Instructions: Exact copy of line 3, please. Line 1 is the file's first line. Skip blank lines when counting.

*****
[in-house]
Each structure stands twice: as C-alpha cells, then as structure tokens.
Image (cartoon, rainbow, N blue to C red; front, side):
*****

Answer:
Image (cartoon, rainbow, N blue to C red; front, side):